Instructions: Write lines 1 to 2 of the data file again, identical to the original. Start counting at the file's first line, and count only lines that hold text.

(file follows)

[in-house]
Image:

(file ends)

[in-house]
Image: